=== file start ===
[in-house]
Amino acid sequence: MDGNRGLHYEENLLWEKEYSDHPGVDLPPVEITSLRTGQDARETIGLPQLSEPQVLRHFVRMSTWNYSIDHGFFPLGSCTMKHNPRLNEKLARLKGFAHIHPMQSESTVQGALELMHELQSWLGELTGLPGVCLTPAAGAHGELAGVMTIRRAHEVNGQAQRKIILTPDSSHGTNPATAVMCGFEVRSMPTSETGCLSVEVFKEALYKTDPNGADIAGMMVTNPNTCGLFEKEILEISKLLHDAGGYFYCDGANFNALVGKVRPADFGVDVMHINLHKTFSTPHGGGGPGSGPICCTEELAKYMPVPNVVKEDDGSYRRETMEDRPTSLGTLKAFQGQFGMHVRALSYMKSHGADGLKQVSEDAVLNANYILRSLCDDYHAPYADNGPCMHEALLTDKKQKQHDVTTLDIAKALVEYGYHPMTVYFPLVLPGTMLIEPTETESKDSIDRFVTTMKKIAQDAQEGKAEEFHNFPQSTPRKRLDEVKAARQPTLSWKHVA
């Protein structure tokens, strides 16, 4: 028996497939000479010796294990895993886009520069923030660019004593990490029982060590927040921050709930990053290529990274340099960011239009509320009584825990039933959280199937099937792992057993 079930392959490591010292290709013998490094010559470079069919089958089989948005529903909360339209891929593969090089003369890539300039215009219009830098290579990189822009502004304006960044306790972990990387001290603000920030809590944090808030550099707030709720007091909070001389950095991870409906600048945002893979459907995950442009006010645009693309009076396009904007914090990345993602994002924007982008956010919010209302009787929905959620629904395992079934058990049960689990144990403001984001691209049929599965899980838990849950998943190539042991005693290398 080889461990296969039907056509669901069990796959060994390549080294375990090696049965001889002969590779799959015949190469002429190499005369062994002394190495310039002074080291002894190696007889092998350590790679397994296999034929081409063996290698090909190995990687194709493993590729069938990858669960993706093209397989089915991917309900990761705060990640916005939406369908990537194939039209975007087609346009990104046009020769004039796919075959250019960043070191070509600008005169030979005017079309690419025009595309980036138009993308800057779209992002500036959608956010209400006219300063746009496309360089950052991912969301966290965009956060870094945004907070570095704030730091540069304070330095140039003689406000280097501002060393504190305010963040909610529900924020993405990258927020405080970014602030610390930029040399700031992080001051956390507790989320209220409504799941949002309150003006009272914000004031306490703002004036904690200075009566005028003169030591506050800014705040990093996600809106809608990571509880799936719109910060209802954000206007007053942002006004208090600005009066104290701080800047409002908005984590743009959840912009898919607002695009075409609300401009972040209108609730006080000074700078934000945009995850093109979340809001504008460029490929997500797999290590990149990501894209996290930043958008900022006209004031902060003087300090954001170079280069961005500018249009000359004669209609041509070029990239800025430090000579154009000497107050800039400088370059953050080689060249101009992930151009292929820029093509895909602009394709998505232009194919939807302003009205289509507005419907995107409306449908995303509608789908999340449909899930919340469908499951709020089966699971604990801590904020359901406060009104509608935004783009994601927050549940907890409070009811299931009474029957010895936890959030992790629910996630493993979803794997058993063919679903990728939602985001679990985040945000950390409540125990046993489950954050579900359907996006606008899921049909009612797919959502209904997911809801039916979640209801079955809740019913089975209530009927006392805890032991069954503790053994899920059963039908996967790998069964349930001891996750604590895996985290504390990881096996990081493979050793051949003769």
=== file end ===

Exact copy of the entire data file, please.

[in-house]
Amino acid sequence: MDGNRGLHYEENLLWEKEYSDHPGVDLPPVEITSLRTGQDARETIGLPQLSEPQVLRHFVRMSTWNYSIDHGFFPLGSCTMKHNPRLNEKLARLKGFAHIHPMQSESTVQGALELMHELQSWLGELTGLPGVCLTPAAGAHGELAGVMTIRRAHEVNGQAQRKIILTPDSSHGTNPATAVMCGFEVRSMPTSETGCLSVEVFKEALYKTDPNGADIAGMMVTNPNTCGLFEKEILEISKLLHDAGGYFYCDGANFNALVGKVRPADFGVDVMHINLHKTFSTPHGGGGPGSGPICCTEELAKYMPVPNVVKEDDGSYRRETMEDRPTSLGTLKAFQGQFGMHVRALSYMKSHGADGLKQVSEDAVLNANYILRSLCDDYHAPYADNGPCMHEALLTDKKQKQHDVTTLDIAKALVEYGYHPMTVYFPLVLPGTMLIEPTETESKDSIDRFVTTMKKIAQDAQEGKAEEFHNFPQSTPRKRLDEVKAARQPTLSWKHVA
């Protein structure tokens, strides 16, 4: 028996497939000479010796294990895993886009520069923030660019004593990490029982060590927040921050709930990053290529990274340099960011239009509320009584825990039933959280199937099937792992057993 079930392959490591010292290709013998490094010559470079069919089958089989948005529903909360339209891929593969090089003369890539300039215009219009830098290579990189822009502004304006960044306790972990990387001290603000920030809590944090808030550099707030709720007091909070001389950095991870409906600048945002893979459907995950442009006010645009693309009076396009904007914090990345993602994002924007982008956010919010209302009787929905959620629904395992079934058990049960689990144990403001984001691209049929599965899980838990849950998943190539042991005693290398 080889461990296969039907056509669901069990796959060994390549080294375990090696049965001889002969590779799959015949190469002429190499005369062994002394190495310039002074080291002894190696007889092998350590790679397994296999034929081409063996290698090909190995990687194709493993590729069938990858669960993706093209397989089915991917309900990761705060990640916005939406369908990537194939039209975007087609346009990104046009020769004039796919075959250019960043070191070509600008005169030979005017079309690419025009595309980036138009993308800057779209992002500036959608956010209400006219300063746009496309360089950052991912969301966290965009956060870094945004907070570095704030730091540069304070330095140039003689406000280097501002060393504190305010963040909610529900924020993405990258927020405080970014602030610390930029040399700031992080001051956390507790989320209220409504799941949002309150003006009272914000004031306490703002004036904690200075009566005028003169030591506050800014705040990093996600809106809608990571509880799936719109910060209802954000206007007053942002006004208090600005009066104290701080800047409002908005984590743009959840912009898919607002695009075409609300401009972040209108609730006080000074700078934000945009995850093109979340809001504008460029490929997500797999290590990149990501894209996290930043958008900022006209004031902060003087300090954001170079280069961005500018249009000359004669209609041509070029990239800025430090000579154009000497107050800039400088370059953050080689060249101009992930151009292929820029093509895909602009394709998505232009194919939807302003009205289509507005419907995107409306449908995303509608789908999340449909899930919340469908499951709020089966699971604990801590904020359901406060009104509608935004783009994601927050549940907890409070009811299931009474029957010895936890959030992790629910996630493993979803794997058993063919679903990728939602985001679990985040945000950390409540125990046993489950954050579900359907996006606008899921049909009612797919959502209904997911809801039916979640209801079955809740019913089975209530009927006392805890032991069954503790053994899920059963039908996967790998069964349930001891996750604590895996985290504390990881096996990081493979050793051949003769």